In my last post I wrote about how new technology was often a catalyst for me. This image is the confirmation of that theory.
If you were to work with me for any length of time you’d notice that I set very high expectations of others. In a team environment I, consistently, raise the level of performance for the whole team; leading by example and pushing others to do the same. In my own life, that drive usually translates differently.
I can’t tell you how many times I’ve talked myself out of taking a photograph. The light isn’t right, the foreground is wrong, that’s a boring sky, there’s nowhere to park; the list goes on and on in my head. When it gets down to it, I’m a very technical person. I’m good at what I do because I anticipate the worst and have an answer for it.
Last weekend, I decided we needed to take a drive. I had a new camera and there was fall color to be had. I choose Bosque del Apache, a national preserve about 90 minutes south of me. April and I climbed into my tiny car and headed south. During the drive I lamented, mostly inside my own head, how the sky was boring, the light was bad and there wasn’t much color in the trees. The reality was we were committed and already too far to turn back (and for me to save face). I had to make the best of it.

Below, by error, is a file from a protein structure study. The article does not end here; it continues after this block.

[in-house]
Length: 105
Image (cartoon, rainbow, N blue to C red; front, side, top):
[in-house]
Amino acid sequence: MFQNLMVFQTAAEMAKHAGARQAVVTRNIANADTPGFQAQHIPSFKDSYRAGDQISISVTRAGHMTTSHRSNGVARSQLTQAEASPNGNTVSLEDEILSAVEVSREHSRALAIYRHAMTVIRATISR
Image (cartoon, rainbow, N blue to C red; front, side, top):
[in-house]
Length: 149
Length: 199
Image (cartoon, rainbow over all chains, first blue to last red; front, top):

We hit the preserve in late afternoon. The Bosque, as folks call it, is a haven for the winter bird migration but it was early; we had the place almost to ourselves. We drove around and I snapped some shots but I wasn’t very hopeful. While the photography wasn’t great, it was nice being outside. We kept driving around the preserve and I kept looking for, and talking myself out of, places to stop and shoot.
A funny thing happened. As we drove the loop through the preserve, some high clouds moved in. The late afternoon sun moved behind the clouds, the light softened, and then I saw the flowers. It’s not the shot of a lifetime, but it’s a shot I wouldn’t have if I had stayed home.